Peter Bauer is mad.
His wife, Susan, a loyal United Mileage Plus member, can't seem to redeem her hard-earned points for what she'd been promised: "free" flights -- or "free" anything, for that matter.
"She has about 142,000 miles, all of which are from actual air travel -- not goodwill or credit card charge or other miles," says Bauer, a management consultant from Portland, Ore. "She has looked into turning those miles into a plane ticket or tickets many times but it has never worked out because she always comes up against a blackout period or other lack of availability."
Bauer could, of course, hire a pricey consultant to figure out a way to spend those miles. Or his wife could join one of those online frequent flier communities, which offer every shortcut in the book (some ethical, some not) for getting an award ticket.
But unraveling this problem isn't as simple as that, and it begs a question no one has asked in a while: Is it time for the government to step in and say "enough"?
The case for regulation
Before you answer, let's listen to the rest of Bauer's dilemma.
Susan is willing to accept something other than a flight for her miles, and lately, she's received offers from United to cash in her miles for a hotel stay.
"Today she attempted to respond to the email offer to book a room at a Seattle hotel, but was blocked from doing so," says Bauer. "She called United Mileage Plus and was told that she can not use her miles for any such offers unless she has a United Mileage Plus credit card."
A credit card? Seriously?
"The situation is aggravating," he adds. "She can't use her miles except for future United air travel when and if seats are available. Or for third-rate magazines. Beyond that, nowhere in United's email offer does it say that you have to have this credit card, or at least not that we could find."
Bauer doesn't want or need another credit card.
"On a certain level this appears to be a case of tying, which, as I'm sure you know, has been ruled illegal in many commerce cases," he says.
Tying is an agreement by one party to sell a product on the condition that the buyer also purchases a different product. In this case, the ability to redeem miles is being "tied" to a "free" hotel night, according to Bauer.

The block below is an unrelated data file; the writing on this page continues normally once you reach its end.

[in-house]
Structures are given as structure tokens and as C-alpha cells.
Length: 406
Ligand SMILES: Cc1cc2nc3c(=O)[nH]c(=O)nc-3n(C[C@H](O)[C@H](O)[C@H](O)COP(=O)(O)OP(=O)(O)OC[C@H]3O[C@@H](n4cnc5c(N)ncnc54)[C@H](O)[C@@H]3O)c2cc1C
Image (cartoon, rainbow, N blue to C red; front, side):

I contacted United to find out the details of Bauer's hotel offer. The airline did not respond.
Questions from Bauer about redeeming Susan's miles for a hotel stay were referred back to United's website. She contacted the airline but -- you probably guessed it -- it hasn't offered a response beyond a form acknowledgment.
"I guess they're trained to not get it," he adds.
Susan's options are awful. She can either redeem her miles for magazines she doesn't want or turn to one of the so-called mileage experts. Neither of these options will do her much good. Why read something you don't even want? And why hire someone who has a vested interest not only in perpetuating this hopelessly complicated system, but may also be getting compensated behind the scenes for promoting one of these useless credit cards? (Read their blogs and click on the scammy affiliate links if you don't believe me.)
If you're saying to yourself, "This shouldn't be legal," then you're in for a disappointment. While the federal government is leaning in the direction of regulating frequent flier miles, it is hesitant to commit. Perhaps it's time to do so before it's too late and the mileage bubble pops.
"All we want is to book one of the dozens of hotels in Seattle supposedly available under this program for one night in July, using the miles that Susan has legitimately earned, without having to sign up for a credit card she doesn't want," says Bauer.
That's not an unreasonable request. Too bad we have to threaten airlines with government intervention in order to get what travelers believe they were promised.